Amongst the speakers were some who complained that the conference and the community were guilty of ignoring or denigrating particular points of view. Probably the most passionate were the secular humanists who argued that Jews who didn’t believe in God did not get a fair deal.
Some of the audience agreed. Some disagreed. Some found it amusing. To me, it was tragically sad.
How, I said to myself, can you have Judaism without God? Do the secularists see no mystique, no spirituality, no transcendence in the world and in Jewish experience?
We all have moments of grave doubt, but should you elevate doubt into a dogma, and denial into an art form? If you are uncertain about God, is that a reason to walk away?
There is a story that a young man was asked by the Gerer Rebbe whether he had learnt any Torah.
“Just a little,” said the youth.
“That is all that anyone has ever learnt of Torah,” was the Rebbe’s response.
I ask, How much has anyone ever understood about God? And the response is the same: “Just a little” is all that anyone has ever discovered about God. But that is no reason to say you can have a world, or Judaism, without God. Hard as it is to understand life with God, it is harder still without Him.
What the secular humanist argument symbolises to me is the danger of people trying to reduce Judaism, to see how much they can drop and still think they can have Judaism.
Some try to have Judaism without God; others Judaism without Hebrew, without prayer, without Shabbat, without kashrut, without study, without tzedakah, without Jewish marriage, without Jewish children.
The question is – can you amputate one limb after another and still think the body will survive?
Sometimes in my sermons I speak of the dreams I have. But sometimes I have a recurrent nightmare. It is years hence.
There is still a synagogue, but it has been empty for decades. Cobwebs and dust are everywhere strewn around are old prayer books. Their pages are disintegrating. Here and there is an old tallit, thrown in a corner. The fabric is threadbare. There are no Jews. They disappeared long ago. They waged a war of attrition against Judaism, and Judaism lost. One element of Judaism after another they undermined, weakened and discarded, and Judaism shrivelled and died. There was no one to say Kaddish, except maybe God.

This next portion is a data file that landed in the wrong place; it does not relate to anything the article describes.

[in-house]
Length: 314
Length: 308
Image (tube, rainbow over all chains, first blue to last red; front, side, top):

True, there were those who dearly loved their Judaism and cherished its every nuance, but they were too few and too weak. To save Judaism was too difficult.
That is my nightmare. How true to life is it? Is Judaism really in mortal danger?
If you look at the Jewish position in some other countries you feel a sense of dismal pessimism. In community after community all over the Diaspora there are frightening rates of intermarriage, thirty, forty, fifty, sixty per cent.
In place after place Jewish numbers are declining. The smattering of Jewish education that most children get is merely a joke. Jews prefer the follies and frivolities, the moral confusion and materialistic mayhem of the secular environment to the inspiration of Isaiah and the meaningfulness of Maimonides.
Australia is better off, but for how long? The immigrant generation is ageing and dying. Soon we will have a generation without background, Jews without memories. Whoever thinks Judaism can survive that is a fool.
But now let me tell you a story from close to home, from the Great Synagogue office. It is a true story, and fortunately it happens with increasing frequency.